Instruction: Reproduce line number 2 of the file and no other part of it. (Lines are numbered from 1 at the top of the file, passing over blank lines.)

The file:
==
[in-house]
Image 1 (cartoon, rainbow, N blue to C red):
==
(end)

Image 1 (cartoon, rainbow, N blue to C red):